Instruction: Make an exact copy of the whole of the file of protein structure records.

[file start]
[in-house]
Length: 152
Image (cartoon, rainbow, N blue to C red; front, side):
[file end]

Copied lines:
[in-house]
Length: 152
Image (cartoon, rainbow, N blue to C red; front, side):